The World Health Organization (WHO) issued fresh clinical advice on Tuesday for treating COVID-19 patients, including those displaying persistent symptoms after recovery, and also said it advised using low-dose anti-coagulants to prevent blood clots.
“The other things in the guidance that are new are that COVID-19 patients at home should have the use of pulse oximetry, that’s measuring the oxygen levels, so that you can identify whether somebody who is at home is actually deteriorating,” WHO spokeswoman Margaret Harris told a UN briefing in Geneva.
The WHO advised clinicians to put patients into the awake prone position, on their front, shown to improve the oxygen flow, she said.
“Also we recommend, we suggest the use, of low-dose anti-coagulents to prevent blood clots forming in blood vessels. We suggest the use of lower doses rather than higher doses because higher doses may lead to other problems,” Harris said.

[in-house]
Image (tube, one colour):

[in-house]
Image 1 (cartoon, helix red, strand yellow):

She added that a WHO-led team of independent experts, currently in the central Chinese city of Wuhan where the first human cases were detected in December 2019, is due to leave quarantine in the next two days to pursue its work with Chinese researchers on the virus origins.
She declined to comment on reports of delays in roll-out of vaccines in the European Union. She said she had no specific data and the WHO’s priority was for health workers in all countries to be vaccinated in the first 100 days of the year.
AstraZeneca, which developed its shot with Oxford University, told the EU on Friday it could not meet agreed supply targets up to the end of March.